E-Issue 05 –– VCE
Fall 2022

September 5th, 2022



  1. Editor’s Note
  2. What’s On in VCE
  3. Pop(Corn): UAE National Pavilion
  4. Rapport: Venice
  5. Zeitgeist of our Time: Füsun Onur for the Turkish Pavilion at the 59th Venice Biennale
  6. GAD’s Top Picks: National Pavilions
  7. Strangers to the Museum Wall: Kehinde Wiley’s Venice Exhibition Speaks of Violence and Portraiture
  8. Questioning Everyday Life: Alluvium by Ramin Haerizadeh, Rokni Haerizadeh and Hesam Rahmanian at OGR Torino in Venice

E-05++
Fall/Winter 2022-23


Artist Interview January 19th, 2023
NYC Reflecting on Her Southwestern Chinese Bai Roots, Peishan Huang Captures Human Traces on Objects and Spaces

Artist Interview January 8th, 2023 
TYO Shu Yonezawa and the Art of Animation

Artist Interview December 9th, 2022
DXB Navjot Altaf Unpacks Eco-Feminism and Post-Pandemic Reality at Ishara Art Foundation

Exhibition December 2nd, 2022
TYO Wetland Lab Proposes Sustainable Cement Alternative in Tokyo

Exhibition November 11th, 2022
TYO
“Atami Blues” Brings Together UAE-Based and Japanese Artists in HOTEL ACAO ANNEX



E-Issue 04 –– IST 
Spring 2022

March 15th, 2022



  1. Editor’s Note
  2. What’s On in IST
  3. Pop(Corn): Refik Anadol
  4. Rapport: Istanbul
  5. Independent Spaces in Istanbul: Sarp Özer on Operating AVTO


E-04++ 
Spring/Summer 2022


Curator Interview July 9th, 2022
IST Creating an Artist Books Library in Istanbul: Aslı Özdoyuran on BAS

Market Interview June 28th, 2022
HK 
How Pearl Lam Built Her Gallery Between China and Europe

Exhibition June 27th, 2022
UAE
What’s On in the UAE: Our Top Summer Picks

Exhibition June 21st, 2022
DXB Art Jameel Joins The World Weather Network in a Groundbreaking Response to Global Climate Crisis

Artist Interview June 13th, 2022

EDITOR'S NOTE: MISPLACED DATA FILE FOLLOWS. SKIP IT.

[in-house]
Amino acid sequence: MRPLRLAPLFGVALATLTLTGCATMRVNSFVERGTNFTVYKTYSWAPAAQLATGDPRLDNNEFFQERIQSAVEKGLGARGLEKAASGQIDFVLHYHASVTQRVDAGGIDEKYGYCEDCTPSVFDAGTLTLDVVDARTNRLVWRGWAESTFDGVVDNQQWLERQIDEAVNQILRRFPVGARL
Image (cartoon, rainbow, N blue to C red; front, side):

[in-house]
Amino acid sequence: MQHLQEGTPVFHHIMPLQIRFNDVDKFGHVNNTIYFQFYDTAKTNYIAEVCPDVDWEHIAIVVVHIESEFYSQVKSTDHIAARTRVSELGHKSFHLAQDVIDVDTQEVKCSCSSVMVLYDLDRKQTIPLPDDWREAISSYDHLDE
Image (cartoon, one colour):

DXB “Geometry is Everywhere”: An Interview and Walking Tour of Order of Magnitude, Jitish Kallat’s Solo Exhibition at Dubai’s Ishara Art Foundation

Artist Interview May 13th, 2022
DXB 
“We Are Witnessing History”: Ramin Haerizadeh, Rokni Haerizadeh and Hesam Rahmanian On Their Retrospective Exhibition at NYU Abu Dhabi Art Gallery

Exhibition May 6th, 2022
IST
 Istanbul’s 5533 Presents Nazlı Khoshkhabar’s “Around and Round”

Exhibition April 23rd, 2022
HK Startbahn Presents “Made in Japan 3.0: Defining a New Phy-gital Reality”, an NFT Pop-Up at K11 Art Mall

Market Interview March 28th, 2022
DXB Dubai's Postmodern Architecture: Constructing the Future with 3dr Models

Curator Interview March 21st, 2022

E-Issue 03 –– TYO 
Fall 2021

October 1st, 2022



  1. Editor’s Note
  2. What’s On in TYO
  3. Pop(Corn): Nimyu
  4. Ahmad The Japanese: Bady Dalloul on Japan and Belonging
  5. Rapport: Tokyo 
  6. Alexandre Taalba Redefines Virtuality at The 5th Floor
  7. Imagining Distant Ecologies in Hypersonic Tokyo: A Review of “Floating Between the Tropical and Glacial Zones”
  8. Ruba Al-Sweel Curates “Garden of e-arthly Delights” at SUMAC Space
  9. Salwa Mikdadi Reflects on the Opening of NYU Abu Dhabi’s Arab Center for the Study of Art

E-03++
Fall/Winter 2021-22


Exhibition Review March 14th, 2022
DXB Art Dubai Digital, An Alternative Art World?

Exhibition March 11th, 2022
DXB Must-See Exhibitions in Dubai - Art Week Edition 2022

Artist Interview March 10th, 2022
DXB Prepare The Ingredients and Let The Rest Flow: Miramar and Zaid’s “Pure Data” Premieres at Satellite for Quoz Arts Fest 2022

Artist Interview February 26th, 2022
TYO Akira Takayama on McDonald’s Radio University, Heterotopia, and Wagner Project

Exhibition Review February 11th, 2022
AUH Woman as a Noun, and a Practice: “As We Gaze Upon Her” at Warehouse421
Curator Interview October 15th, 2021
IST “Once Upon a Time Inconceivable”: A Review and a Conversation

Exhibition October 7th, 2021
RUH Misk Art Institute’s Annual Flagship Exhibition Explores the Universality of Identity

Market Interview October 6th, 2021
RUH HH Prince Fahad Al Saud Discusses Saudi Arabia’s Artistic Renaissance

Exhibition October 5th, 2021
DXB
Engage101 Presents “Connected, Collected” at Sotheby’s Dubai

E-Issue 02 –– NYC 
Spring 2021

February 21st, 2021



  1. Editor’s Note
  2. What’s On in NYC
  3. Pop(Corn): Zeid Jaouni
  4. You Can Take The Girl Out Of The City 
  5. Rapport: NYC
  6. Kindergarten Records Discuss The Future of Electronic Music
  7. Sole DXB Brings NY Hip-Hop To Abu Dhabi
  8. Wei Han Finds ‘Home’ In New York
  9. Vikram Divecha: Encounters and Negotiations

E-02++
Spring/Summer 2021


Exhibition Review August 9th, 2021
DXB “After The Beep”: A Review and Some Reflections

Artist Interview June 30th, 2021